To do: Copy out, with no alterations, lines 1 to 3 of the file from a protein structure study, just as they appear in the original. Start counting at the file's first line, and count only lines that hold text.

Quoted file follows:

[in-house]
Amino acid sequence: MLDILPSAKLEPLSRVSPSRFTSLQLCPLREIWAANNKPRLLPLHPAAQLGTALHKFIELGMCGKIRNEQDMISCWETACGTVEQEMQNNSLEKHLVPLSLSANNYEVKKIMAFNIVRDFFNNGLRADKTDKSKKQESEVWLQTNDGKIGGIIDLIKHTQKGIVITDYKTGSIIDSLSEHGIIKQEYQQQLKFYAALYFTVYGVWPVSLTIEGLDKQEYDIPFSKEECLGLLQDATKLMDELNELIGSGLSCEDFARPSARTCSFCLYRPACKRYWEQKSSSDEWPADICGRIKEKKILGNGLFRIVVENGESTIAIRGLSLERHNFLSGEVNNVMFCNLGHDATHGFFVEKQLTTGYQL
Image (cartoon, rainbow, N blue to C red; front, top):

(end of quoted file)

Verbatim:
[in-house]
Amino acid sequence: MLDILPSAKLEPLSRVSPSRFTSLQLCPLREIWAANNKPRLLPLHPAAQLGTALHKFIELGMCGKIRNEQDMISCWETACGTVEQEMQNNSLEKHLVPLSLSANNYEVKKIMAFNIVRDFFNNGLRADKTDKSKKQESEVWLQTNDGKIGGIIDLIKHTQKGIVITDYKTGSIIDSLSEHGIIKQEYQQQLKFYAALYFTVYGVWPVSLTIEGLDKQEYDIPFSKEECLGLLQDATKLMDELNELIGSGLSCEDFARPSARTCSFCLYRPACKRYWEQKSSSDEWPADICGRIKEKKILGNGLFRIVVENGESTIAIRGLSLERHNFLSGEVNNVMFCNLGHDATHGFFVEKQLTTGYQL
Image (cartoon, rainbow, N blue to C red; front, top):